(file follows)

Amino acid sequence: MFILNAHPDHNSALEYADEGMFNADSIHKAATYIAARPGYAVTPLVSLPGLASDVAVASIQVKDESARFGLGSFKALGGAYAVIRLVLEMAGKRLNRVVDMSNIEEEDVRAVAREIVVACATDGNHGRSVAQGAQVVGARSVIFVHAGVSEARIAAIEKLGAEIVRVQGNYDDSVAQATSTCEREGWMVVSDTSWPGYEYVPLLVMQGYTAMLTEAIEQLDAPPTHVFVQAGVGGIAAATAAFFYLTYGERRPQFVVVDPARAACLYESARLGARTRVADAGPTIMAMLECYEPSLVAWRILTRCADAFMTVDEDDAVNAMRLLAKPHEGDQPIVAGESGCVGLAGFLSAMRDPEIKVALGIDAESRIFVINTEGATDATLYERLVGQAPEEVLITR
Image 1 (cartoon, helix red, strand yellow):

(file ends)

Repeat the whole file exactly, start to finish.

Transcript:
Amino acid sequence: MFILNAHPDHNSALEYADEGMFNADSIHKAATYIAARPGYAVTPLVSLPGLASDVAVASIQVKDESARFGLGSFKALGGAYAVIRLVLEMAGKRLNRVVDMSNIEEEDVRAVAREIVVACATDGNHGRSVAQGAQVVGARSVIFVHAGVSEARIAAIEKLGAEIVRVQGNYDDSVAQATSTCEREGWMVVSDTSWPGYEYVPLLVMQGYTAMLTEAIEQLDAPPTHVFVQAGVGGIAAATAAFFYLTYGERRPQFVVVDPARAACLYESARLGARTRVADAGPTIMAMLECYEPSLVAWRILTRCADAFMTVDEDDAVNAMRLLAKPHEGDQPIVAGESGCVGLAGFLSAMRDPEIKVALGIDAESRIFVINTEGATDATLYERLVGQAPEEVLITR
Image 1 (cartoon, helix red, strand yellow):